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Speed Tickets Challenged Based On Timestamped Photos

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  • by Bobfrankly1 (1043848) on Thursday April 21, 2011 @03:43PM (#35898482)

    which include timestamps of two photos.

    The obvious response? They will start sending ONE timestamped photo.

  • by i kan reed (749298) on Thursday April 21, 2011 @03:48PM (#35898548) Homepage Journal
    I understand that speed limits are too low, but you're comlaining about getting a ticket for doing something illegal, because the exact extent to which you were violating the law was off by a fraction? "I'm sorry your honor, I only stole $320 from the victim, not the alleged $350 you're going to have to let me off."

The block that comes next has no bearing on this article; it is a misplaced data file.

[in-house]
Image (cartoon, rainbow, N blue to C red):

• by Relic of the Future (118669) <dales@NOsPaM.digitalfreaks.org> on Thursday April 21, 2011 @03:48PM (#35898562)
    Actually, by the central limit theorem, at at least one point, your instantaneous speed MUST equal the average speed.

    And at this scale, it's got absolutely nothing to do with Heisenberg.

  • by Attila Dimedici (1036002) on Thursday April 21, 2011 @03:53PM (#35898630)
    The real travesty here is that the judge let other tickets issued by the same devices stand after it was demonstrated to him that they are not reliable. If there is reason to believe that the device was wrong in one case, there is reason to believe that it was wrong in every case.
  • by manekineko2 (1052430) on Thursday April 21, 2011 @03:54PM (#35898670)